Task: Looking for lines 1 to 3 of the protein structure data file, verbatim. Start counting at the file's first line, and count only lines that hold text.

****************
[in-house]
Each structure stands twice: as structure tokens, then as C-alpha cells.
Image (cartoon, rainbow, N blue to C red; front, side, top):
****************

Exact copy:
[in-house]
Each structure stands twice: as structure tokens, then as C-alpha cells.
Image (cartoon, rainbow, N blue to C red; front, side, top):